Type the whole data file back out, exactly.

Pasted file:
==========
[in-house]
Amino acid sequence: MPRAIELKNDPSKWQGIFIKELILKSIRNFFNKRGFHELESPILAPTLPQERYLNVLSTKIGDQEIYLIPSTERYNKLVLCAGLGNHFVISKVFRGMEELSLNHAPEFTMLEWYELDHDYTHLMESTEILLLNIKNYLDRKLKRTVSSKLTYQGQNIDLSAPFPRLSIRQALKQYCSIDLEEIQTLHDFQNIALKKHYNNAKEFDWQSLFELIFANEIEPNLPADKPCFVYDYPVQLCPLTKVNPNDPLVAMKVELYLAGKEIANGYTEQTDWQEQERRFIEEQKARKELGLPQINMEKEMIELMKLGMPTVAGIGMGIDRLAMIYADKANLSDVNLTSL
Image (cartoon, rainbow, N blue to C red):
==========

[in-house]
Amino acid sequence: MPRAIELKNDPSKWQGIFIKELILKSIRNFFNKRGFHELESPILAPTLPQERYLNVLSTKIGDQEIYLIPSTERYNKLVLCAGLGNHFVISKVFRGMEELSLNHAPEFTMLEWYELDHDYTHLMESTEILLLNIKNYLDRKLKRTVSSKLTYQGQNIDLSAPFPRLSIRQALKQYCSIDLEEIQTLHDFQNIALKKHYNNAKEFDWQSLFELIFANEIEPNLPADKPCFVYDYPVQLCPLTKVNPNDPLVAMKVELYLAGKEIANGYTEQTDWQEQERRFIEEQKARKELGLPQINMEKEMIELMKLGMPTVAGIGMGIDRLAMIYADKANLSDVNLTSL
Image (cartoon, rainbow, N blue to C red):